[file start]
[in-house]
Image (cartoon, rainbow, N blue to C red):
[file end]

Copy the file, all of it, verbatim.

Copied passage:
[in-house]
Image (cartoon, rainbow, N blue to C red):